The hospitals include Tebellong as well as Machabeng and are expected to work with clinics which have been identified as the district points of temporary isolation.
According to the District Medical Officer Dr Balengesila Mwenyi, the spread of the virus is further propelled by 'COVID fatigue' and a series of 'super-spreader' events.
“But in Qacha's Nek, we are working hard to suppress the spread of the virus within the district,” he said.
He told Metro that because suspects cannot take care of severe or complicated cases on their own, if found positive, they will be send to the two hospitals for isolation purposes.
“Moreover, the severity of this problem is not just the shortage of trained healthcare professionals, but providing full care for patients in isolations and intensive care units is another major hitch,” Dr Mwenyi said.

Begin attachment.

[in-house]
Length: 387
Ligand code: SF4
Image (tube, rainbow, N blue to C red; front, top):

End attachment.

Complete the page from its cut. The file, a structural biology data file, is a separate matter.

In response to this challenge, he said they have trained nurses on infection prevention measures and management of COVID-19.
“I am also aware that there are nurses who are based in the district from Tšepong Hospital in Maseru, under case management pillar. We are planning to train them, so that they can be able to continue with the management at the hospital level,” he said.
To manage the spread of the COVID-19 pandemic, he said they among others transfer patients from the health centres and ports of entry to the hospitals.
He said they also make follow-ups or contact tracing of positive cases in villages.
Dr Mwenyi said they have deployed health officials at the ports of entry, to screen, test and collect samples to be sent to the laboratories, adding that the samples are taken from travellers who are from South Africa.